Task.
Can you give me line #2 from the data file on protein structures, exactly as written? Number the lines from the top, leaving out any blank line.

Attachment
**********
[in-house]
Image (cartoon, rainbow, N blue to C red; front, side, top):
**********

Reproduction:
Image (cartoon, rainbow, N blue to C red; front, side, top):